And you are still here, reading, searching, alive. And you have done this yesterday. You have done this last week. You will do this next week.
One would get to know Anne Lamott best in this book, the most intense and irreverent among them all. She was born and raised in a home with atheist parents. Growing up, she felt different from her playmates and cousins. She came of age in the hippie generation—bumming drugs and booze and experimenting with her sexuality. Freedom was the virtue she pursued, but she had to pay a price. And when she sank rock bottom, she converted into Christianity, looked up, and said, “Fuck it. I quit. All right, Jesus, You can come in.”
Of course, her decision to be a Christian did not warrant her an immunity from a lot of trials. She raised her son alone, dealt with deaths around her, and got engaged with a lot of problematic affairs. Who says life is easy?
“The road to enlightenment is long and difficult, and you should try not to forget snacks and magazines.”Traveling Mercies: Book on Faith by Anne Lamott
If you aspire to be a writer (especially in fiction), this book is ideal for you.
Anne Lamott remembers the moment her older brother sought help from his father. He was struggling to write a report on bird, and his father said, “Bird by bird, buddy. Just take it bird by bird.”
She prescribes several rules on having to get that masterpiece done by making short assignments and making shitty drafts. Speaking from experience, I get intimidated with many books on writing except this. Anne Lamott—while discussing plot, character, and dialogue—still draws layers of her writing experiences, all nice and terrible.
She even came in full circle as she stresses the necessity and at the same time, needlessness of writing communities and publication.
My laughter came to the ceiling when she gives a tip on how to avoid being sued with libel: “Change everything that would point to him specifically. Leave out his kleptomaniac leanings. Leave out the kind of car he really drove and the fact that he hated smokers so much that he planted a tiny tree in the ashtray. Make yourself the first wife or the girlfriend, instead of the third wife, and do not include his offensive children, especially the red-haired twins. If you disguise this person carefully so that he cannot be recognized by the physical or professional facts of his life, you can use him in your work. And the best advice I can give you is to give him a teenie little penis so he will be less likely to come forth.”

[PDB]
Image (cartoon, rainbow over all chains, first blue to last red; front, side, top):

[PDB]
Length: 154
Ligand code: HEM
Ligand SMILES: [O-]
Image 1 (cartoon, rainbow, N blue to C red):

“Perfectionism is the voice of the oppressor, the enemy of the people. It will keep you cramped and insane your whole life, and it is the main obstacle between you and a shitty first draft. I think perfectionism is based on the obsessive belief that if you run carefully enough, hitting each stepping-stone just right, you won’t have to die. The truth is that you will die anyway and that a lot of people who aren’t even looking at their feet are going to do a whole lot better than you, and have a lot more fun while they’re doing it.”Bird by Bird: Instructions on Writing and Life by Anne Lamott
In her most recent book Almost Everything, you pick up a mouthful of quotations to live by. Weirdly, what stung me most is when she conjures the image of a “cosmic banana peel,” the reason of the existence of fundamentalism, rejection, suicides, wars, famines, cancer, death, forest fires. We may not understand this, but certainly, there is no way we can avoid stepping on it and landing on a pile of cow dung, face first.
But with all these occurrences we instinctively get back up the next day, wash ourselves, and ask help from our friends.
Then again, we will encounter hell without getting in there. Sartre says this already, that hell is other people—those annoying pricks inside your room or mind who will never leave you. Yet I also believe that love is other people. Between the two, love is more powerful.
“Maybe more than ever before in my lifetime, my friends and I are aware of our brokenness and the deep crazy, desperation for light, hope, food, and medicine for the poor. What helps is that we are not all crazy and hopeless on the same day. One of us remembers and reminds the rest of us that when it is really dark you can see the stars. We believe grace is stronger than evil and sin. We believe love is stronger than hate, that the divine is bigger than all huge egos simmered together in a bloviation stew, and this makes us laugh. And laughter is hope. We believe and hope that we will get through these terrifying times.”Almost Everything: Notes on Hope
Here are narratives we may never hear in the pulpit, and radical stances our fellow churchmates may never share. She never says you agree with her; she never claims to be a woman worthy of emulation. But for me, her voice is enough. With all the sob stories she has collected through the years, Anne Lamott converses with laughter and lyricism. Maybe we can smile too?